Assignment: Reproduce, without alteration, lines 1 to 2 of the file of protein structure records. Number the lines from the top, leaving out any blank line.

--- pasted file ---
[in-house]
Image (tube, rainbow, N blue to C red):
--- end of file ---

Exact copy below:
[in-house]
Image (tube, rainbow, N blue to C red):